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All cats, from lions to Tom from Tom & Jerry, fall under the category of obligate carnivores. This means that meat is essential for their diet. They simply can’t survive without it. We’ll discuss this in more detail as we go on.

But of course, to get a better sense of what cats naturally eat, we must look at wild cats. They are self-sufficient animals that fend for themselves and pick exactly what is needed for their bodies.

So you’re asking, what do cats eat in the wild? We’ve got all the answers for you within this article.

Let’s take a closer look.

Why Do Cats Need Meat?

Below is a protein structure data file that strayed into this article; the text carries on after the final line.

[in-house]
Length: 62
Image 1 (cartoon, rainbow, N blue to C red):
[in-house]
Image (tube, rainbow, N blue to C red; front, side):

We mentioned that cats depend entirely on meat. That’s because cats’ bodies produce little protein on their own. Cats’ livers produce sufficient vitamin C, so they don’t really need fruits and vegetables with vitamin C that much.

Vitamin C, however, is pretty much the only thing their bodies produce. Their hunting skills and sharp instincts provide them with the rest. For that reason, cats usually eat their prey whole.

They don’t just eat for the protein in the meat, they get all the nutrients that their prey’s bodies produce too.

For example, cats can’t synthesize the amino acid, Taurine. Unfortunately for them, that amino acid is essential for eyesight and heart function. It’s also extremely important for growth, reproduction, and fetal development.

Fortunately for them, they can hunt. Taurine is mostly found in muscle meat, where cats get it from their prey.

Well, when we said cats eat every part of their prey, we meant literally every part, except, the guts. Cats get their B vitamins and minerals from the organs. They get their calcium from their prey’s bones as well.